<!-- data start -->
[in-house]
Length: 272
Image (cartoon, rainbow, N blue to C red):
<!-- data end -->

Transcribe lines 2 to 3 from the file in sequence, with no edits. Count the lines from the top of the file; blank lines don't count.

Length: 272
Image (cartoon, rainbow, N blue to C red):